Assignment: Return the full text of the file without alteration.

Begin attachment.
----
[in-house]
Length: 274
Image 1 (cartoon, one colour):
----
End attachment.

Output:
[in-house]
Length: 274
Image 1 (cartoon, one colour):